BOBBY LEE CLAREMONT AND THE CRIMINAL ELEMENT

It’s Marvelous Middle Grade Monday!

Take a journey back in time with Bobby Lee as he flees his orphanage in 1923 New Orleans and boards a train to Chicago. His goal—a new life as a criminal. A full blown murder mystery unfolds on the rails with a widow and a lot of people up to no good. Bobby Lee meets up with two other boys who ride in the “colored only” car and together they try to figure out what’s going on.

A train is the perfect setting for unleashing tension at every stop. They tug at Bobby Lee’s heart and make him wonder if he’s doing the right thing. By the end of the trip your own heart will ache at the decisions Bobby makes along the way but also hopeful that the positive adults in his life will steer him to the good side.

Heartwarming and funny at times, Jeannie Mobley has nailed this time period with perfection. I enjoyed the trip immensely.

PUBLICATION DATE: 2017   PAGE COUNT: 246

FULL PLOT (from Amazon)

All aboard for a fast-paced, Jazz Age–era murder mystery set aboard a Chicago-bound train! It’s 1923, and thirteen-year-old Bobby Lee Claremont is leaving the Sisters of Charitable Mercy orphanage in New Orleans, certain a better life awaits in Chicago’s glamorous-sounding mob scene. But his plans unravel when he boards his train and meets the recently widowed Nanette O’Halloran, her two traveling companions, and a cop who suspects the trio of murdering Nanette’s husband. Bobby Lee is sure Nanette’s innocent. But what about her companions? As Bobby Lee digs for answers, he discovers the
mob, Prohibition, segregation, and a famed jazz band are all pieces of an increasingly dangerous puzzle.

FIVE THINGS TO LIKE ABOUT:

BOBBY LEE CLAREMONT  AND THE CRIMINAL ELEMENT

  1. All the hot topics of the time period unfold before our eyes: Segregation, Prohibition, and inter racial marriage. We see it through Bobby Lee’s viewpoint, and his engaging thoughts are understandable for young readers to grasp.
  2. A few extra features add to the book’s authenticity. There a handy map at the beginning of the book showing the section of the country the train travels through. The Author’s Note at the end is must reading where you will find out how Steve Goodman’s “City of New Orleans” became the inspiration for the story.
  3. Terrance and Leon are two memorable secondary characters. They’re just two kids trying to make the best of being in a white man’s world.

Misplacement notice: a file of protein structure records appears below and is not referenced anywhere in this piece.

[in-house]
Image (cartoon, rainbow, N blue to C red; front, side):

4. This would be a great one to read on a current day train trip. The pages would flip by quicker than the images passing by your window.
  5. And of course—Bobby Lee Claremont. The train ride is also a ride through his conscience. You’ll remember him long after closing the book.

FAVORITE LINES: 

Mrs. O’Halloran nodded. “Thank you, Bobby Lee. You are a good boy.”

A good boy. She wouldn’t think so if she knew about my plans to become a first-rate crook in Chicago. Good folks didn’t get ahead in the world. Being good to me was what killed Maman. I was done with good. So why did it warm my empty belly to hear her say it?

 

ABOUT THE AUTHOR

I am a writer with eclectic taste. Whether it is books, music, food, or art, I seem to like all kinds of things and never limit myself to one variety of anything.When it comes to my writing, I’m the same way–I have written humor, historical fiction, contemporary fiction, fantasy. Right now I am focusing on historical fiction, but who knows what I may be writing in the near future. Maybe it will be humorous historical fiction with a fantastical yet contemporary twist. After all, why limit myself.

When I am not being a writer, I am an archaeologist and a college professor.

I have worked on archaeological sites from North Dakota to El Salvador, but I specialize in the archaeology of the American Southwest and the prehistoric cultures around Mesa Verde in southwest Colorado.

I have lived most of my life in Colorado, but have ventured out of its boundaries on numerous occasions, some adventurous and others mundane. I love the mountains, the forests, the quiet of the country side. I love, too, to think about the extraordinary nature of ordinary lives.

Whether it is the ruins of Mesa Verde or the remains of gold miner’s cabins, Colorado is full of reminders of those who came before. Though the people of the past are now silent, their stories come to me in the things they left behind. This is what drew me to both my callings, as an archaeologist, exploring the past through science, and as a writer, giving voice to the fullness of life’s experiences.

(For more about Jeannie and her books visit her author web page and catch my interview last week with Jeannie right here.)

About Greg Pattridge

Climbing another mountain...writing middle grade novels.
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5 Responses to BOBBY LEE CLAREMONT AND THE CRIMINAL ELEMENT

  1. Wow! This one really does sound interesting. The train ride, all the issues raised, and interesting characters make it sound really good. Thanks for spotlighting it.

  2. I’m always drawn to a period stories like this. It reminds me a bit of a couple of stories I’ve read. I like the train setting and the cast of characters! What a great share! Thanks!

  3. I absolutely have to read this book NOW! I am writing a middle-grade adventure set in the same period and this sounds like a really terrific book. Thanks for the head’s up.

  4. Dorine White says:

    Too funny, he runs away to become a criminal! I bet there are great story lines here.

  5. Susan says:

    I like the favorite lines you highlighted. Sounds interesting.

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